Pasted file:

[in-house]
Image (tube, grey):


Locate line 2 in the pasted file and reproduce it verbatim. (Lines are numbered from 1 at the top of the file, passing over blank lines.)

Image (tube, grey):